For an injured child, the three-year limitation period begins on their 18th birthday, giving them until they are 21 to start a claim.

How much compensation can I claim for a kidney injury?

The amount of money you could claim for your injury will depend on:

  • the seriousness of your injury, and
  • any financial losses or costs you have incurred.

At the start of your claim, your solicitor will consider the many ways your injuries have affected your life. Your solicitor will take these considerations into account to calculate the correct compensation award.

Kidney injury compensation calculator

Get an accurate compensation estimate (including for multiple injuries), confirm your legal position, and check if you have a No Win, No Fee claim.

Updated May 2024 Compensation Calculator v3.04

General damages

General damages are awarded for pain, suffering and loss of amenity (PSLA).

Awards for general damages are set by the Judicial College (judiciary.uk) and published in their guidelines for personal injury awards.

How is compensation calculated if I have multiple injuries?

Special damages

Special damages is compensation awarded to cover any financial losses and expenses you incur as a result of your kidney injury or negligent medical treatment. These damages aim to put you back in the financial position you would have been in, had your injury not occurred.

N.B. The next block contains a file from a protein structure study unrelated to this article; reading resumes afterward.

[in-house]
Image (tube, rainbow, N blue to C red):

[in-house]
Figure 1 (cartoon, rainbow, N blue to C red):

Special damages will also cover your medical treatment expenses, that might include fluid resuscitation, monitoring, dialysis and medication.

Read more:

A complete list of recoverable losses in a personal injury claim

Average kidney injury general damages compensation

The following kidney injury payouts refer to the Guidelines for the Assessment of General Damages in Personal Injury Cases, Sixteenth Edition by the Judicial College (oup.com).

These tables are used by solicitors or by the courts as a starting point when calculating your compensation.

Please note: these average figures represent general damages only, and do not include any element of special damages (e.g. lost wages).

Example Amount
Kidney injury
Risk of future infection Up to £58,160
Loss of one kidney £27,970 to £40,800
Serious damage to both kidneys £154,000 to £191,270

How did your injury happen?

The process for a kidney injury claim depends the circumstances of the accident. To learn more, click the icons below:

No win, no fee kidney injury compensation claims

With no win, no fee, you can claim kidney injury compensation without financial risk. If your claim isn't successful, you pay nothing. If you win, you only pay a pre-agreed percentage of your compensation.

Find out more about how no win, no fee claims work

Get expert advice now

Interested in talking to an injury specialist about your claim?

  • Calls are FREE
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  • No obligation to claim

Call 0800 376 1001

Mon-Fri 8am-9pm, Sat 9am-6pm, Sun 9:30am-5pm

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Citations

Source: (reviewed: 11/12/2023)

Source: (reviewed: 07/12/2023)

Gaynor Haliday, Legal researcher

Author:
Gaynor Haliday, Legal researcher